A few weeks ago, as I sat in church and listened to a talk about faith, my mind began to wander to the Force. How does the Force really work? Is it really as easy to use as the Jedi and the Sith make it look? Is being born with the ability to use the Force enough? Are faith and self-confidence really that important when using the Force? And what part does urgency play? Faith is a belief in something that is unseen, and self-confidence is a trust in one’s own abilities and judgements, and both seem to fit well with what Yoda tried to teach Luke Skywalker on Dagobah. In scripture we learn that we have the power to move mountains if we believe we can do it. So could I really move a mountain? Maybe. But there is my problem. I’m not sure I could do it. It’s just a maybe. So maybe using the Force isn’t that easy after all.
Perhaps it was Billy Joel or Kierkegaard who once said: “We share so many secrets, there are some we never tell. Why were you so surprised that you never saw the stranger? Did you ever let your lover see the stranger in yourself.” Sometimes the stranger we are looking at is in our own mirror. We are afraid to get to know the face that looks back at us because the challenge will be too burdensome to bear.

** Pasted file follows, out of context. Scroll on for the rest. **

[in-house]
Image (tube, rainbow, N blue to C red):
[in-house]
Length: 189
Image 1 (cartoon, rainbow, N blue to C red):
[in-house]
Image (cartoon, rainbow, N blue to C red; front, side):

It was indeed Billy Joel; on the cover of that album he is peacefully reclined, looking into the eyes of a mask. Is it his? Is it his lover’s? We will never know, but the donning of masks is a ubiquitous act that divides us and instills fear in the other. Think about it. Kids on Halloween may be cute, but if you want to make Fozzy Bear creepy, make his face out of molded plastic, poke two eyeholes in it and affix that useless elastic strap around the back. And let’s not even bring clowns into this.
The last time we saw our Jedi Master, he was in triumphant celebration of the destruction of Death Star II. He was also in mourning for his newly-reclaimed father. His journey as a Jedi and as a man was headed in a unique direction after these events. In the poster for Star Wars: The Force Awakens, Luke is conspicuously absent. We do not know why, but speculation abounds. We do know that Mark Hamill was seen filming at a remote location in Ireland. This location will become part of our enduring fandom consciousness, just as the desert of Tunisia, the glaciers of Norway or the redwoods of Northern California have. We are talking about Skellig Michael, an ancient island in Ireland that was once home to Christian monastics.